- The personal data of up to 10 million people was compromised by a cyberattack against Optus, Australia’s second-largest wireless network operator. The major breach effectively puts all of Optus’ mobile customers at risk.
- The company said it discovered the breach on Wednesday and moved quickly to contain the damage, but not before customer names, dates of birth, phone numbers, email addresses, IDs and passport numbers were compromised.
- Optus services were not affected and Australian authorities are assisting with an ongoing criminal investigation into the attack, the company said.
Critical infrastructure systems, including telecom networks, frequently grapple with cyberthreats, as evidenced by a recent spate of attacks.
The Los Angeles school district earlier this month was hit by a potentially disastrous ransomware attack, the implications of which are still playing out. T-Mobile continues to deal with the consequences of a 2021 cyberattack that exposed personal data of at least 76 million people.
The Cybersecurity and Infrastructure Security Agency has placed special emphasis on critical infrastructure and is progressing on the development of cyber incident reporting mandates as part of that effort.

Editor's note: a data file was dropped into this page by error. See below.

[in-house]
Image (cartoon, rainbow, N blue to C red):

Optus said it’s confident the attack was carried out by a sophisticated threat actor, but a senior executive anonymously told the Australian Broadcasting Company early results from an internal investigation indicate human error is to blame.
System integrations required to satisfy two-factor authentication regulations exposed Optus’ customer database via APIs, and those efforts unwittingly exposed data on a test network compromised by the threat actor, the source told the ABC.
Optus said it’s beginning to inform customers that might be impacted by the attack, but asserts no financial information or passwords were compromised.
CEO Kelly Bayer Rosmarin, in a televised interview with Sky News Australia, said the company is being careful not to divulge too much information publicly. “We don’t want to create the possibility of phishing incidents or bad actors getting in front of what we’re doing,” she said.
Customers are being warned not to click on any suspicious links in emails or text messages.
Bayer Rosmarin declined repeated requests to confirm whether personal customer data was encrypted and said the ongoing investigation precludes the company from sharing more details.
“We have strong cybersecurity controls in place. We thwart thousands of attacks every year, every day, and we’re devastated that this could occur,” she said. “It’s a good warning to all organizations that even if you have strong cyber capabilities, dedicated focus and investment in this area, there are sophisticated actors out there.”
Optus has yet to publicly name the cybercriminals behind the attack and Bayer Rosmarin said it’s too early to rule out any scenarios with respect to how the attack occurred.